The sad part is that as I watched a play written in 1891 the Puritanism it expressed, the repression, the denial of things like incest, homosexuality and such remain in full force today.
For instance, prior going to the theatre I did my syndicated radio show. On it, I spoke about the app "Confessions" an app for the iPad / iPhone approved by the Catholic Church to digitally allow one to confess. I could write 2000 words about that alone, and may, and spent an hour going through it on air. But the point is the questions. The app does a Spiritual Examination, a checkbox quiz for each commandment. These are samples: "Have I encouraged anyone to have an abortion?"; "Did I give scandal to anyone, thereby leading them in to sin?"; "Have I mutilated myself through any form of sterilization?"; "Have I encouraged or condoned sterilization?"; "Have I engaged in sex outside of marriage?"; "Have I been guilty of masturbation?"; "Have I sought to control my thoughts?" "Have I been Guilty of any Homosexual Activity?"; "Am I careful to dress modestly?"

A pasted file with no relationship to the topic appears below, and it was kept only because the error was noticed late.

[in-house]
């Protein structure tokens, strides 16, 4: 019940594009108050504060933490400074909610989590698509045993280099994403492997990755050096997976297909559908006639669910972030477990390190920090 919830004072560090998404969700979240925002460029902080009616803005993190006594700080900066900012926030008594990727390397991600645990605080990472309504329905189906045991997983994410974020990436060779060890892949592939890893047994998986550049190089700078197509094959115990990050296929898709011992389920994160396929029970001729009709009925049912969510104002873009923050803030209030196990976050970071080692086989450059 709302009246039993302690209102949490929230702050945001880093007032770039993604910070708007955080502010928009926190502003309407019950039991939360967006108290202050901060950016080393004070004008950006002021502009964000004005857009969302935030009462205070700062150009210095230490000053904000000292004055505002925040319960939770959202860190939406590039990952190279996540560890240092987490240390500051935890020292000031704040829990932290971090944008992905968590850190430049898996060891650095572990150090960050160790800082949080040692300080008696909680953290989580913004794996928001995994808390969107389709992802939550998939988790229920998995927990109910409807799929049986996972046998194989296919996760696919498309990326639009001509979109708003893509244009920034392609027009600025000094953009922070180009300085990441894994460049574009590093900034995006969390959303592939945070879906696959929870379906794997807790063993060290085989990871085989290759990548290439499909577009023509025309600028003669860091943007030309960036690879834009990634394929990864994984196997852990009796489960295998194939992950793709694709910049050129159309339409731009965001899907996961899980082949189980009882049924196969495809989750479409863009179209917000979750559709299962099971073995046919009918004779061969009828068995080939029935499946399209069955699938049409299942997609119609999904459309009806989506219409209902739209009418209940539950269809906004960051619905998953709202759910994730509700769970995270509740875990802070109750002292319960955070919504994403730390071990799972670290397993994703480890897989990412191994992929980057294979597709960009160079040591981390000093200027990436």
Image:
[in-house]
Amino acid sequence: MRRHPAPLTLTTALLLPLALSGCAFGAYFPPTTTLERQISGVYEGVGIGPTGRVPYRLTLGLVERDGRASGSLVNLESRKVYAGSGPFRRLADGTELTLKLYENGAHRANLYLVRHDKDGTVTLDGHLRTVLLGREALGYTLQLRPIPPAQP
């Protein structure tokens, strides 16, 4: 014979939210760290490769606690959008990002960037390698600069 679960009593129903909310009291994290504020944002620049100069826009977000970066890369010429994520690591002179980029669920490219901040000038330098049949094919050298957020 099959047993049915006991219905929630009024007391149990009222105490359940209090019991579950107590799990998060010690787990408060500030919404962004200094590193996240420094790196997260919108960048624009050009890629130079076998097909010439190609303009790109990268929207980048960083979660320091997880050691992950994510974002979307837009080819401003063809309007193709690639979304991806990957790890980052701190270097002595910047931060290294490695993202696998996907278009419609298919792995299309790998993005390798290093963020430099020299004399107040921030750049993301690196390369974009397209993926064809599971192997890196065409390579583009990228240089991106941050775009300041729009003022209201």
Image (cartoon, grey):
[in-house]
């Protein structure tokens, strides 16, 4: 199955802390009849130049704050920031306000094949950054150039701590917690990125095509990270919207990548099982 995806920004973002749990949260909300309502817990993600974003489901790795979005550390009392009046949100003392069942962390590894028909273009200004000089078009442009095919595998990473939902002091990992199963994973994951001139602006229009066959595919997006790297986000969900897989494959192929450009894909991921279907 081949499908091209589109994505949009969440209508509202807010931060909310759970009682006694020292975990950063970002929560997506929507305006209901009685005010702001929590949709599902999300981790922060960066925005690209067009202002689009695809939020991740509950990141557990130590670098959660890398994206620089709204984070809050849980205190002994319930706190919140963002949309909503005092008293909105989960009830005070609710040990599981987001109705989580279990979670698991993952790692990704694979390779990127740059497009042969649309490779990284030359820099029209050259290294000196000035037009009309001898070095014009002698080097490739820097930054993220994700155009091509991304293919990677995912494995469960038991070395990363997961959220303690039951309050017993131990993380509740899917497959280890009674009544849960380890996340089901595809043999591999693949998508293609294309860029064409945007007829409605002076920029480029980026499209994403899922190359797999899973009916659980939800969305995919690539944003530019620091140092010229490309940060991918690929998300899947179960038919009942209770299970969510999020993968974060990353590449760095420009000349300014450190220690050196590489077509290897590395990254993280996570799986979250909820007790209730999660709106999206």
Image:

That's not Torquemada and the Inquisition, it's the Confession App from the church at the iTunes store in 2011. It calls a vasectomy or tubal ligation mutilation. It assigns guilt to homosexuality, masturbation, non-marital sex, hell, even dressing "non modestly" whatever that means. As I watched "Spring Awakening" I was forced to say we have come no further to help these kids at all.